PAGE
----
In Types and Programming Languages by Pierce, is it correct that

  • the language introduced in Chapter 3 Untyped Arithmetic Expressions is not Turing complete? Because it doesn't provide recursion.

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  • the language introduced in Chapter 5 Untyped Lambda Calculus is Turing complete? Because it provides recursion.

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  • $\begingroup$ Hint: try to prove that all computations are terminating. If you can, then it must not be Turing Complete. $\endgroup$ Sep 9, 2019 at 3:19
  • $\begingroup$ Thanks. I don't have a sufficient background to prove or disprove the two examples. I just seem to recall seeing some book about reasoning about whether a language is Turing complete, by whether it has recursion. If following your comment, for the first example, evaluation of all its terms seem to terminate, while for the first example, (\x.x x) (\x.x x) does not terminate. $\endgroup$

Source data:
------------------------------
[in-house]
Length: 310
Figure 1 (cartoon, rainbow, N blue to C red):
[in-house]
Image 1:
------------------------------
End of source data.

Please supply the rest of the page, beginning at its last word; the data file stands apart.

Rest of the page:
– Tim
    Sep 9, 2019 at 9:52
  • $\begingroup$ Nontermination is necessary for a language to be Turing complete, but not sufficient. Having unbounded recursion is a good indicator that a language might be Turing complete. In this case, the Untyped Arithmetic Expressions language is terminating, so is not Turing complete. Proving something is Turing complete is more work, but it is well known that the untyped $\lambda$-calculus is Turing complete, unlike the simply-typed $\lambda$-calculus. $\endgroup$
    – varkor
    Mar 17, 2020 at 13:47


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